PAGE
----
AES Banner

Thursday, September 8, 2011

10 Top Twitter Tools

bit.ly home page image from Bobby Owsinski's Music 3.0 blogHere's a recent post that I spotted on the great Hypebot blog regarding the "Top 10 Twitter Tools Used My Social Media Experts," which originally came from KISSmetrics. You don't have to be a social media expert to take advantage of these tools, and at least some of them you'll find very useful if you're a Twitter user.

1. Bit.ly
Bit.ly is just a URL shortening service right? Wrong! Used by @techcrunch, and @problogger, a free Bit.ly account will give you access to a dashboard where you can shorten and share links to multiple Twitter accounts. You can also see the stats for any Bit.ly links you share through your dashboard and plug your Bit.ly API key into Tweetdeck, Twitterfeed, or Seesmic to get stats for links you share through those applications as well. As an added bonus, you can even create your own custom short domain to match your brand so you can have branding similar to Mashable’s on.mash.to and Amazon’s amzn.to custom URLs.

2. Buffer

Buffer is deemed the smarter way to tweet, and is used by @tweetsmarter, @jaybaer, and @askaaronlee. It allows you to simply schedule your tweets to be spread throughout the day so you don’t go through a reading spree and inundate your followers with 20 tweets within an hour. You can also get great analytics on your tweets which will help determine what your audience loves, or doesn’t, out of the content you share as well as the times of day you get the most action on your tweets.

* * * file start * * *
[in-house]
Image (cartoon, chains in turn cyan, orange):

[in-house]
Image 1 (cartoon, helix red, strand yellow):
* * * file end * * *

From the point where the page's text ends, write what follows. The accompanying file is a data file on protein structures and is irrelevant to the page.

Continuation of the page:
3. CoTweet

CoTweet, used by @nealschaffer, @chrispirillo, and @emarketer, is considered a Twitter marketing tool for companies who want to engage, track, and analyze conversations about their brand. The free version allows you to manage your Twitter accounts, collaborate with multiple users, track clicks and limited analytics, schedule tweets, keep conversation history for 30 days, and more. The enterprise version (starting at 1,500USD a month) allows integration with Salesforce, advanced user roles and permissions, workgroups, and full analytics.

4. HootSuite